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A small, bright enzyme like NanoLuc® luciferase is the ideal basis for a sensitive genetic reporter. With an array of NanoLuc® reporter vectors and detection assay formats, you can take your genetic reporter assays to the next level.

The Value of NanoLuc® Luciferase as a Genetic Reporter

Bioluminescent reporter genes can be used as a simple, sensitive readout of gene expression events. Although often used as a measure of promoter activity, reporters can also be used to assess other aspects of gene expression such as splicing, translational read-through and miRNA regulation. The small size, bright signal and multiple detection options for NanoLuc® luciferase make this enzyme well suited to an array of genetic reporter applications. In addition to its use in traditional genetic reporter assays, NanoLuc® luciferase is uniquely well suited for creating the next-generation genetic reporter assays required for more advanced genomic analysis.

Measure Intrinsic Promoter Activity

The small, bright NanoLuc® reporter can be used together with CRISPR-Cas9 or other gene editing techniques to create assays that monitor endogenous promoter activity. By knocking the NanoLuc® reporter into endogenous loci, you can easily measure promoter activity that responds to changing cellular conditions or compound treatment using a simple bioluminescent signal. This approach creates highly relevant genetic reporter assays that reflect the endogenous genetic and epigenetic elements that govern the activity of a particular promoter in its native chromatin context.

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Confirm Predictions Made by Artificial Intelligence

The increase in whole genome sequencing data has created large databases of genetic information. Researchers are now correlating these genomic data with specific human health endpoints in order to better understand how variations in genome sequence is associated with disease. Artificial intelligence (AI) can be leveraged to perform this type of analysis and make predictions about the significance of specific genomic variations, their effect on gene expression, and relation to specific disease outcomes. NanoLuc® genetic reporters are being used to create functional assays to verify the predictions made by AI have the projected changes on gene expression.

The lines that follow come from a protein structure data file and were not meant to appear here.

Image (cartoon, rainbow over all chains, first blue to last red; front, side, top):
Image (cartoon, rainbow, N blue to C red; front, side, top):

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Additional NanoLuc® Genetic Reporter Applications

Find more examples of how NanoLuc® luciferase was used in studying gene expression regulation.

Promoter Activity
Translational Readthrough
Reading Frameshift
Smith, A.M. et al. (2019) Ribosome collisions alter frameshifting at translational reprogramming motifs in bacterial mRNAs. Proc. Natl. Acad. Sci. USA 116, 21769–79.
miRNA Regulation

How to Get Started Using NanoLuc® Genetic Reporter Assays

Reporter assays consist of two elements: A vector that encodes the reporter, NanoLuc® luciferase, and a detection reagent. Both are needed to generate a functional reporter assay. We offer an array of NanoLuc® reporter vectors and reagents with several tools to help you create your NanoLuc® genetic reporter assays. The NanoLuc® reporter gene can be full length, in a secreted format or a destabilized form that provides a maximum assay window. Just clone your region of interest into one of these vectors. In addition, you can find a collection of NanoLuc® signaling pathway vectors that contain specific genomic response elements driving NanoLuc® expression.

There are multiple detection reagents available to measure NanoLuc® genetic reporter activity. To measure the activity from a single reporter, you can use lytic or live-cell options. Lytic reagents are used for endpoint measurements (e.g., Nano-Glo® Luciferase Assay System) while live-cell reagents mean you can monitor changes in reporter activity over time. Nano-Glo® live-cell reagents kinetically measure NanoLuc® reporter activity kinetically for assessing genetic reporter responses in real-time.

Normalized CRE-NanoLuc response to forskolin

HEK293 cells were transiently transfected with a construct expressing NlucP from a promoter with cAMP response elements (CRE). Endurazine™ substrate was added to cells at time zero, and luminescence measured continuously using a GloMax® Discover instrument at 37°C. After approximately 2 hours, varying concentrations of forskolin were added to induce expression of NlucP by increasing the intracellular cAMP concentration. Data shown is per-well normalization of the NanoLuc® expression in response to forskolin.

NanoLuc as a reporter enzyme can also be measured together with firefly luciferase in a dual-reporter format called NanoDLR. The Nano-Glo® Dual-Luciferase® Reporter Assay (NanoDLR) is the most sensitive and versatile dual-reporter assay system available. By measuring the activity of two reporters in a single sample, you can gain more data. Whether you want a single experimental reporter with a control for normalization or two experimental reporters, NanoLuc® luciferase plus firefly luciferase offer greater sensitivity and assay designs for experimental needs.

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